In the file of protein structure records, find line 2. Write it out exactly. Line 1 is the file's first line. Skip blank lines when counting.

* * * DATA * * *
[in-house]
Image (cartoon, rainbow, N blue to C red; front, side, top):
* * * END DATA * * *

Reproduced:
Image (cartoon, rainbow, N blue to C red; front, side, top):